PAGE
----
When it came to Julius’ turn, Dr. Devja spoke to him gently, and injected the anaesthetic into his right eye in preparation for surgery. The surgery was set up with a large screen on which the other doctors and trainees could watch the operation and learn.

Just 15 minutes later the operation was complete. An intraocular lens (IOL) from The Fred Hollows Foundation IOL laboratory in Eritrea had been inserted into his right eye. I think Fred would have jumped for joy to see a lens from the factory he had worked so hard to establish.

Twenty years ago lenses like this were prohibitively expensive and it was Fred’s dream to build the Eritrea and Nepal IOL laboratories – to make them affordable and available to developing countries.

I can’t help laughing when I think of Julius’ first words after his bandages were removed. He looked at his lovely wife with adoring eyes and commented dryly, “you had more teeth when I saw you last”.

She giggled adoringly and reached out and held his hand. The joy was written all over her face. She had her husband back. Within moments you could see the confidence being restored to this giant of a man. He stood straighter. Gone was the hesitant shuffle we had seen. But we never saw the dancing he promised. I think the emotion of the moment was too intense.

The Greatest Challenges

I am very excited about what we are doing at the Frontier Hospital in South Africa. The greatest challenges to eye health in all parts of Africa are the same as in any developing country. Strengthening human resources is the key to empowering countries to put in place successful eye health services.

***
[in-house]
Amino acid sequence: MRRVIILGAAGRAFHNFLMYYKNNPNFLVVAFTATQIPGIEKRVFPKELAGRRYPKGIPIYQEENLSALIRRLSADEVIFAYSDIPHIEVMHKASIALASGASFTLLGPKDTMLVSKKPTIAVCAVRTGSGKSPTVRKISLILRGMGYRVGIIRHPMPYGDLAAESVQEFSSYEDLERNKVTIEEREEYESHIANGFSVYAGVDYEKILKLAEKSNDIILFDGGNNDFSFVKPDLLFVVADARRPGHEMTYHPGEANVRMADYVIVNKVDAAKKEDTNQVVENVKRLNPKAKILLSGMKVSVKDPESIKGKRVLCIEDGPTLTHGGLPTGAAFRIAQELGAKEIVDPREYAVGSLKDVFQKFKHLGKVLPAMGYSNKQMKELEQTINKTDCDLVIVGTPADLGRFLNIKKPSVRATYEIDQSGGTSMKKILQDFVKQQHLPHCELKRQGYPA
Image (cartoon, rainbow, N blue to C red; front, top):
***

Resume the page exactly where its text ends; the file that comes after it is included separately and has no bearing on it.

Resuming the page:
With considerable input from The Fred Hollows Foundation, the South African Government is working on these issues by building a new eye health clinic called Sabona. The Government pays the salaries, but the Foundation pays for all consumables, like surgical equipment, gloves and anaesthetics, and the IOLs that are implanted.

Working with the hospital and other health services, we run intensive eye surgery weeks to get through the huge backlog of cases. We also participate in programs of training doctors, eye health workers and ophthalmologists.

Our challenges in South Africa are great. There are 30,000 people like Julius requiring surgery and to reach them, we need to conduct some 15,000 eye operations each year. To do this we will need to raise AUD$1 million this year to fund our sight-saving work.

Whilst the challenges are great, The Fred Hollows Foundation will continue to carry out the work of my late husband so that his dream of eliminating avoidable blindness is realised.

For more information about the work of The Fred Hollows Foundation, go to: www.hollows.org.au.

Gabi Hollows has been nominated by the National Trust of Australia as one of ‘Australia’s 100 Living Treasures’. She was also given the Advance Australia Award for Community Service, and was made Paul Harris Fellow by Rotary International. She is the founding director of The Fred Hollows Foundation. Gabi graduated as an Orthoptist in 1972 from the NSW School of Orthoptics and it was during her training that she first met the late Fred Hollows.